Acquisitions, Funding, Business, and Stock
Minneapolis-based Healthcare Engagement Solutions, which offers physician collaboration tools, closes a $550,000 angel investment.
Drchrono secures $2.69 million in convertible debt funding, bringing the company’s total to $6.77 million.
Enclara Health will implement CoverMyMeds to automate prior authorizations in its hospice pharmacies.
Lakeland Regional Health Systems (FL) will expand its use of Allscripts ambulatory EHR and PM, use the company’s managed services, and implement its Payerpath financial management software.
Capital Regional Medical Center (MO) selects Patientco as its patient payment automation solution.
Health information organization SacValley MedShare (CA) selects ICA as its HIE vendor.
Deaconess Health System will integrate its network with Availity for clearinghouse and RCM services at five of its southern Indiana hospitals, 20 primary care clinics, and several specialty facilities.
The Greater Houston Healthconnect selects DICOM Grid to electronically deliver medical images to area hospitals and physicians at the point-of-care.
Bay Area Medical Center (WI) signs a three-year agreement with Zix Corporation for email encryption.
Kareo names Tom Patterson (Teletrac) CFO.
Nextech hires Rhonda Russell (McKesson) as COO.
Carl Byers (Fidelity Biosciences) joins the board of Cureatr.
IMedicor promotes Srini Vasan from SVP of technology to CTO.
Announcements and Implementations
Dignity Health, Box, and The Social+Capital Partnership name WelVU the winner of their developer challenge for personalized patient engagement solutions. WelVU, which allows providers to create customized educational videos during appointments, received a $100,000 convertible note and one-month office space and mentoring.
New Jersey Health Commissioner Mary E. O’Dowd announces the launch of the New Jersey HIN, which connects six regional health information organizations and 9,000 providers.
Wesley Medical Center (KS) adds Lincor’s LINC Technology platform for patient engagement and entertainment to newly updated patient rooms.
Government and Politics
ONC renews its Cooperative Agreement with DirectTrust, a non-profit trade alliance that promotes secure HIE via Direct Protocol.
The folks at Vonlay remind Epic users that while the Heartbleed OpenSSL vulnerability doesn’t affect MyChart or EpicCare Link because Microsoft’s IIS isn’f affected, the non-Epic parts of the setup might be, such as the load balancer. Web servers can be checked here, assuming the guy who developed the page knows what he’s doing.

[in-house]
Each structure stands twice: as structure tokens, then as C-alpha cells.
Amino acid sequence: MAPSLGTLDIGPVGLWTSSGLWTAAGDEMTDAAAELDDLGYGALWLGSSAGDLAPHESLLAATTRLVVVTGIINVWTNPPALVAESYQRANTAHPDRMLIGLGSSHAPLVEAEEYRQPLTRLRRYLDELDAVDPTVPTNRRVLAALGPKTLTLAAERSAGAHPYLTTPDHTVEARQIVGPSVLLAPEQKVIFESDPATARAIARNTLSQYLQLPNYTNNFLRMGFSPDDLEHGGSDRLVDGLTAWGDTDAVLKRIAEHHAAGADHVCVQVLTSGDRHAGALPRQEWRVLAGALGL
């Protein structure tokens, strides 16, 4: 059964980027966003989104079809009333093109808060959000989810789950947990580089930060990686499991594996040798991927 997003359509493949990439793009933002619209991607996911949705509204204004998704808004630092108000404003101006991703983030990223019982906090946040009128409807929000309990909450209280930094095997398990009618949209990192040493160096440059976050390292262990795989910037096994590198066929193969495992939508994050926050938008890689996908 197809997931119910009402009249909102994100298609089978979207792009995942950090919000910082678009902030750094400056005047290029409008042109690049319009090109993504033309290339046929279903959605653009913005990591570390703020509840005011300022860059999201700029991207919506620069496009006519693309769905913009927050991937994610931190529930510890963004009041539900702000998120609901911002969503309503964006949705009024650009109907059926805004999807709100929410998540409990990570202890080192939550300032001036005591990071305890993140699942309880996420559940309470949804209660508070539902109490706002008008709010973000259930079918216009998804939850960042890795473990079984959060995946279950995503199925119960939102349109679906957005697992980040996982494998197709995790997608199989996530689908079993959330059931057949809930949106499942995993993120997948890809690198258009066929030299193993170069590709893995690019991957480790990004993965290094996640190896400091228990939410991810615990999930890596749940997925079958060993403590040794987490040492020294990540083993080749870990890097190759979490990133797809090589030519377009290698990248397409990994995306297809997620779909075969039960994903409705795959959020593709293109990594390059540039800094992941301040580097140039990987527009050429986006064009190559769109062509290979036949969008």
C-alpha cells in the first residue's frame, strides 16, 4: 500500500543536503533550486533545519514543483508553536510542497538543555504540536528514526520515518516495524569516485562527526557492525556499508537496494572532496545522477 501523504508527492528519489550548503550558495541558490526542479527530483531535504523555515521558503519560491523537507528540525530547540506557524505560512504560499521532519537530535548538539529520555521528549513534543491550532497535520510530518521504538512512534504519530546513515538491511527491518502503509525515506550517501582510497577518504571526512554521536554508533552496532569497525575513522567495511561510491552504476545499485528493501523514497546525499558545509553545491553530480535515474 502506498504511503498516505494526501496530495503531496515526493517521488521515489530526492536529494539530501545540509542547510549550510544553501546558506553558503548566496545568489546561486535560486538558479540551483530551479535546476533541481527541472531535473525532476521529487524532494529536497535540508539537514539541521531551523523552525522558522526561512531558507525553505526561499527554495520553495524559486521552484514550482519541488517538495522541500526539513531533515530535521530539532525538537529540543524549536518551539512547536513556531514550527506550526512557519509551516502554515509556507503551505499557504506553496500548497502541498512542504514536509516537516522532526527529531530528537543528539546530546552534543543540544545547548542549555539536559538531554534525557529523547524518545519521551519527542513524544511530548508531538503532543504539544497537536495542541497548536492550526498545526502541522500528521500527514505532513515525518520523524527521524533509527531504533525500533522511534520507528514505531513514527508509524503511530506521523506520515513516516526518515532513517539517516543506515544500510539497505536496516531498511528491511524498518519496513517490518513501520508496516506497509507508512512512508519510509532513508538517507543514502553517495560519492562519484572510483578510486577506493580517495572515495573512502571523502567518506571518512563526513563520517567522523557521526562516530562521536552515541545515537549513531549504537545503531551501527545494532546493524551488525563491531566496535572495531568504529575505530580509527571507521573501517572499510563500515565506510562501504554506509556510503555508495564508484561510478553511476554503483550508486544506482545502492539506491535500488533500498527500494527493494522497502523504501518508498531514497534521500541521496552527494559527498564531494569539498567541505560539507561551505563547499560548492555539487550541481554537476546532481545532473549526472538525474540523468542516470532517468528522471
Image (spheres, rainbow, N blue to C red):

An Institute of Medicine report recommends including information about patients’ social influences and behavioral habits in their EHRs to improve outcomes and advance public health research efforts.
HHS OIG reverses a 2011 advisory opinion that had allowed athenahealth to charge $1 to providers not on the athena network for processing their test orders, saying the arrangement could violate anti-kickback statutes. The termination means that athena can no longer discriminate between in-network and out-of-network providers and will therefore charge $1 for all orders. Athenahealth calls the reversal a “setback” for sustainable HIE.
Third-party ACO vendors outperform EMR vendors when it comes to meeting the needs of physician-led ACOs, according to KLAS. Epic and eClinicalWorks earned the top scores among EMR vendors in meeting physician needs.
Researchers at the UK’s Birmingham Women’s Hospital find that doctors save an hour per day using a tablet vs. paper.
I never cease to be amazed by physicians who totally ignore the business side of their practices. Case in point: a Pennsylvania woman, whose job duties included making bank deposits for her physician employers, is charged with stealing $106,000 over a six-year period, the time it took for anyone to notice that the deposits didn’t match collections.
Weird News Andy might have been predictable in titling this story “Nothing to sneeze at.” An MIT study finds that cough and sneeze droplets may travel up to 200 times further than previously thought, which should be comforting to think about when you hear that guy hacking up a lung 10 rows back on the plane.
- Visage Imaging announces Version 7.1.5 of its Visage 7 Enterprise Imaging Platform.
- CCHIT certifies NextGen Emergency Department Solution version 6.0 as a ONC 2014 Edition criteria EHR module.
- HCI Group launches the HCIsustain service line to provide long-term EHR support.
- Greenway Health partners with TrustHCS to assist PrimeSUITE users with their ICD-10 preparation and transition.
- InterSystems will showcase its healthcare solutions and technology at the Ministry of Health and HIMSS Middle East Conference next week in Saudi Arabia.
- T-System CMIO Robert Hitchcock, MD is re-elected to the Emergency Department Practice Management Association board.
- Coastal Healthcare Consulting selects Divide to build its BYOD program.
- Holon is participating in this week’s Texas Organization of Rural and Community Hospitals Annual Conference & Trade Show in Dallas.